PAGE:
Updated ucd-snmp packages are now available for Red Hat Linux 6.2, 7, 7.1, and 7.
A problem exists in all versions of OpenLDAP from 2.0.0 through 2.0.19 where permissions are not properly checked using access control lists when a user tries to remove an attribute from an object in the directory by replacing it's values with an empty list. Schema checking is still enforced, so a user can only remove attributes that the schema does not require the object to possess.
Zenith Parsec discovered a security hole in Taylor UUCP 1.06.1. It permits a local user to copy any file to anywhere which is writable by the uucp uid, which effectively means that a local user can completely subvert the UUCP subsystem, including stealing mail, etc.
zen-parse discovered an exploitable buffer overflow in groff's preprocessor. If groff is invoked using the LPRng printing system, an attacker can gain rights as the "lp" user. Likewise, this may be remotely exploitable if lpd is running and remotely accessible and the attacker knows the name of the printer and it's spool file.
This updated at package fixes two minor problems and one major problem where the environment can get wiped out prior to the execution of a scheduled command. For versions of Red Hat Linux prior to 7.2, this package also fixes a potential security vulnerability which can result in heap corruption (Red Hat Linux 7.2 is not vulnerable to this security exploit). Update 2002-02-01: The package for Red Hat Linux 6.2 tried to source a file in /etc/init.d, which doesn't exist on a standard system.
Nicolas Boullis found some security problems in the wmtv package (a dockable video4linux TV player for windowmaker) which is distributed in Debian GNU/Linux 2.2. With the current version of wmtv, the configuration file is written back as the superuser, and without any further checks. A mailicious user might use that to damage important files
New telnet, telnet-server packages are available for Red Hat Linux 5.2, 6.2, 7.0 and 7.1. These packages fix a problem where buffer overflows can provide root access to local users. It is recommended that all users update to the fixed packages. [2002-02-06] New packages are available for Red Hat Linux 7.0 and 7.1. These fix issues when upgrading from the errata telnet packages released for previous releases. No code changes are involved.
In Debian Security Advisory DSA-106-1 we reported a exploitable problem in rsync. For details please see that advisory.
There are two problems with the gzip archiving program; the first is a crash when an input file name is over 1020 characters, and the second is a buffer overflow that could be exploited if gzip is run on a server such as an FTP server. The patch applied is from the gzip developers and the problems have been fixed in the latest beta.
New rsync packages are available; these fix a remotely exploitable problem in the I/O functions. These include the security patch from the recently released rsync-
Basically, this is the same Security Advisory as DSA 072-1, but for jgroff instead of groff. The package jgroff contains a version derived from groff that has japaneze character sets enabled. This package is available only in the stable release of Debian, patches for japanese support have been merged into the main groff package.
The enscript program does not create temporary files in a secure fashion and as such could be abused if enscript is run as root.
Sebastian Krahmer of the SuSE Security Team performed an audit on the rsync tool and discovered that in several places signed and unsigned numbers were mixed, with the end result being insecure code. These flaws could be abused by remote users to write 0 bytes into rsync's memory and trick rsync into executing arbitrary code on the server. It is recommended that all Mandrake Linux users update rsync immediately. As well, rsync server administrators should seriously consider making use of the "use chroot", "read only", and "uid" options as these can significantly reduce the impact that security problems in rsync (or elsewhere) have on the server.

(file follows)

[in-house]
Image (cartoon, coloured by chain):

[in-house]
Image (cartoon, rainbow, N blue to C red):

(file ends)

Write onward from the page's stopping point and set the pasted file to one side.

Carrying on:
Sebastian Krahmer found several places in rsync (a popular tool to synchronise files between machines) where signed and unsigned numbers were mixed which resulted in insecure code. This could be abused by remote users to write 0-bytes in rsync's memory and trick rsync into executing arbitrary code.
The rsync program allows users and administrators to synchronize files and whole directory structures on different machines. It is common practise to allow remote users to mirror ftp servers via anonymous rsync access. There exist several signedness bugs within the rsync program which allow remote attackers to write 0-bytes to almost arbitrary stack-locations, therefore being able to control the programflow and obtaining a shell remotely. These bugs have been fixed.
A security vunlerability in the Linux CIPE (VPN tunnel) implementation has been fixed.
Updated OpenLDAP packages are now available for Red Hat Linux 7, 7.1, and 7.
This updated at package fixes two minor problems and one major problem where the environment can get wiped out prior to the execution of a scheduled command. For versions of Red Hat Linux prior to 7.2, this package also fixes a potential security vulnerability which can result in heap corruption (Red Hat Linux 7.2 is not vulnerable to this security exploit).
A problem exists in the jmcce program that is used for Chinese text on the console. jmcce is installed setuid root and places log files in /tmp; because jmcce does not perform suitable checking on the files it writes to and because it uses a predictable logfile name, an attacker could exploit this to arbitrarily overwrite any file on the system.
New packages are now available to address security issues with the at scheduler program (found in Slackware 8.0's bin.tgz package), sudo, and xchat.